• Bethel Community by Shirley Thompson Mohler
    Romance at the mailboxes, smuggled books and why pregnant women couldn't teach.
  • "The town we are approaching was Perico."
    No longer on the map, it resides now in the heart of one Amarillian.
    From an Interview with former resident Hugh Hamilton.
  • A Gonzales County Rite of Passage by Dawson Minear
    I never realized until I became old how much fun I had as a youth...
  • Alpine High School
  • Remembering Belton
  • Remembering Bishop
  • Remembering Bowie - "My Date With Mary" by Harold Bell
  • Ranch Life in Brewster County
  • Dallas Underground
  • Remembering Dermott
  • Remembering Dime Box - "Grandfather" by A. S, Friedell
    "My grandmother would send me into the chicken house or even under the farm house to gather eggs...."
  • Remembering Duffau
  • Elm Grove, Fayette County
  • Remembering Fayetteville
  • Remembering Floydada
  • A Schoolhouse in Hovey, Texas
  • Remembering Megargel
  • Another Megargel Landmark: the Megargel High School Gym by Jamo C. Powell, Colonel (Ret.) US Army
  • "The town we are approaching was Perico."
    No longer on the map, it resides now in the heart of one Amarillian.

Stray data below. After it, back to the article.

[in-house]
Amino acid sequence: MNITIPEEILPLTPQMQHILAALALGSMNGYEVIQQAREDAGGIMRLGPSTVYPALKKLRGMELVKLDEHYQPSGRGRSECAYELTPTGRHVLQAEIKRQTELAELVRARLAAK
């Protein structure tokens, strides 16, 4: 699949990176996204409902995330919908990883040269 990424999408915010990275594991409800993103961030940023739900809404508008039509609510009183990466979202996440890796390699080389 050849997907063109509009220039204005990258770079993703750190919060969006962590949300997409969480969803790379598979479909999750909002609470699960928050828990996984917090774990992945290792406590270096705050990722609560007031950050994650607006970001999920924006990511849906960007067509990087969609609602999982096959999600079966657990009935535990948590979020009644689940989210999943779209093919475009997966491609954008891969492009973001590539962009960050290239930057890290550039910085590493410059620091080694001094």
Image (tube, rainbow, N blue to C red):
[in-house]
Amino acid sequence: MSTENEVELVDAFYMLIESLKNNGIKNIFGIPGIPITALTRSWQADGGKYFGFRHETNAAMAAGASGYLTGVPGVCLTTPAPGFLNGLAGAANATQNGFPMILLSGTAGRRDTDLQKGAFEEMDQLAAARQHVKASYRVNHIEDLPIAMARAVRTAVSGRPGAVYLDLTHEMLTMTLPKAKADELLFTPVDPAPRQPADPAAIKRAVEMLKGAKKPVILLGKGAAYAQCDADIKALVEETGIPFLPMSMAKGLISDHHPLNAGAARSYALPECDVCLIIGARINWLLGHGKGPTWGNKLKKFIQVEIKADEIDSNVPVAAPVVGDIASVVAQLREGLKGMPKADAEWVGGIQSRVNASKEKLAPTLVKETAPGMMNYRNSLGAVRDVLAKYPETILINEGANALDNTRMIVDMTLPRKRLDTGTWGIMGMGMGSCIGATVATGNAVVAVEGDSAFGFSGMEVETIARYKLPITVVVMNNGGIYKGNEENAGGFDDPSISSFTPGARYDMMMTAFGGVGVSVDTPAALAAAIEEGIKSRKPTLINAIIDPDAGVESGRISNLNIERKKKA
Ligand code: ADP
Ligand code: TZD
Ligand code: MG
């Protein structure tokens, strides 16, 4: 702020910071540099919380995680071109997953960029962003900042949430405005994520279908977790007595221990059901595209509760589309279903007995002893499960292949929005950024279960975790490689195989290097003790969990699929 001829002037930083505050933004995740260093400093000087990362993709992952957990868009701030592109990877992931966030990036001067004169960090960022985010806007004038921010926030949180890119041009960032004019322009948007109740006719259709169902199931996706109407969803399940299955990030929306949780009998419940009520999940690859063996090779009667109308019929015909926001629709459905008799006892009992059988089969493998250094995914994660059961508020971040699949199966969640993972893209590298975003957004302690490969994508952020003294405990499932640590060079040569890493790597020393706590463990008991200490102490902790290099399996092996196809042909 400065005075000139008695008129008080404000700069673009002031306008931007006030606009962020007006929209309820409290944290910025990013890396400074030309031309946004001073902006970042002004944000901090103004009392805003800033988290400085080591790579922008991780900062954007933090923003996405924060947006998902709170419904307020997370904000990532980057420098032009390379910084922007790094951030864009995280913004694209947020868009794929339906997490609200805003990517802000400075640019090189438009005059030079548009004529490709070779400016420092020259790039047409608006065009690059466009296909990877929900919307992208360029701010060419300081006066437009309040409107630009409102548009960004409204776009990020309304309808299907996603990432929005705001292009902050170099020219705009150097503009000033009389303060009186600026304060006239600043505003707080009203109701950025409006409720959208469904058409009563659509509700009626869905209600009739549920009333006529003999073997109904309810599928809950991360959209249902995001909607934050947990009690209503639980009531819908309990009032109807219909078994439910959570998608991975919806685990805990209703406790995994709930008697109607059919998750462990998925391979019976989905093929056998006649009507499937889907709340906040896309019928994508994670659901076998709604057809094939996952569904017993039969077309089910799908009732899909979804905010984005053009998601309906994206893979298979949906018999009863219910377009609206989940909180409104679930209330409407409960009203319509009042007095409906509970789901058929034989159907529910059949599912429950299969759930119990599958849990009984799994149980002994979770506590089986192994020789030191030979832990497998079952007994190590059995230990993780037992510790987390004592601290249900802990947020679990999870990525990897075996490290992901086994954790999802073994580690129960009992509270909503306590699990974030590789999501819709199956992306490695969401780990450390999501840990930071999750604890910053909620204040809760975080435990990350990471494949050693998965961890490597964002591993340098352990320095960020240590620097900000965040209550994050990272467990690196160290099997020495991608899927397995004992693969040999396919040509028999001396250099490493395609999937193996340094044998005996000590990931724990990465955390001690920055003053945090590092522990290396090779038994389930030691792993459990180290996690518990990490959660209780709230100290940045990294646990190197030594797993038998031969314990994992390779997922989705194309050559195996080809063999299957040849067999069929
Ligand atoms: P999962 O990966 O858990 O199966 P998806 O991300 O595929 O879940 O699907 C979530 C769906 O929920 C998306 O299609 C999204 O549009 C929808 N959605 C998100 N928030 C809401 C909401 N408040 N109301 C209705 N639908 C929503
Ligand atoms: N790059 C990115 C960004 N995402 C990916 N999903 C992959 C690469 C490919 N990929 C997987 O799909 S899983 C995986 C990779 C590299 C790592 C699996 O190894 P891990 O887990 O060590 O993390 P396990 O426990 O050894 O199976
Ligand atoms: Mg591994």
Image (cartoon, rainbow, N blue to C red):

From an Interview with former resident Hugh Hamilton.
  • Remembering Grandma & Dado (Elmer F. and Clara B. Sanders) in Quemado, Texas by O. Polly (Ford) Wright
  • Romance at Spunky Flat or Little Schoolhouse in the Cotton Field
  • Going to the Movies in Temple
  • Remembering Temple, and the Arcadia Theatre by Linda (Thomas) Hass
  • Remembering Toyah: Letters from 3 Generations of Toyahns
  • Neta's Snake Tale (Toyahvale)
  • Remembering Valentine
  • Water Tower Memories
  • Toyah Women's PTA Baseball Team  19302
    The Thirties in Texas >
    There was some truth to the story of people in Texas not being aware of a depression - let alone a "Great" Depression. For most Texans there was little change in their standard of living.

    The Toyah Women's PTA Baseball Team from the 1930s.

    Photo courtesy Jesse L. Moore, Jr
  • Texas Forum - Small nuggets from Texans' inexhaustible mother-lode of collective memory.